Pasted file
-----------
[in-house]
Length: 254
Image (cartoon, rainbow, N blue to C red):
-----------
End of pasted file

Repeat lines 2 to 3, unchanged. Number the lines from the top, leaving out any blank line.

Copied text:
Length: 254
Image (cartoon, rainbow, N blue to C red):